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S.A. Bent, comp. Familiar Short Sayings of Great Men. 1887.

Henry Grattan

  • [An Irish statesman and orator; born in Dublin, 1750; elected to the Irish Parliament, 1775, from which he received in 1780 the sum of £50,000 “for his great national services;” after opposing the Union, entered the Imperial Parliament, 1805; died May, 1820: of him Sir James Mackintosh said, “The purity of his life was the brightness of his glory.”]
  • I sat by its cradle, I followed its hearse.

  • Of the rise of Irish independence in 1782, and its fall twenty years afterwards.
  • After an independent judiciary had been granted, he exclaimed in the Irish Parliament, “At length I address a new nation!”
  • He said of Dr. Lucas, who made a total failure in a speech in the Irish Parliament, “He rose without a friend, and sat down without an enemy.”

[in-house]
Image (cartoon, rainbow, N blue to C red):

• He remarked, of the probable character of the Irish representatives in the British Parliament after the Union, “You have swept away our constitution, you have destroyed our parliament, but we will have our revenge. We will send into the ranks of your parliament a hundred of the greatest scoundrels of the kingdom.”
  • When asked where he had heard something which was supposed to be a profound secret, he replied, “Where such secrets are kept,—in the street.”
  • His last words were, “I am perfectly resigned. I am surrounded by my family. I have served my country. I have reliance upon God, and I am not afraid of the Devil.” He had previously given his son some advice which shows the influence of the times, “Be always ready with the pistol.”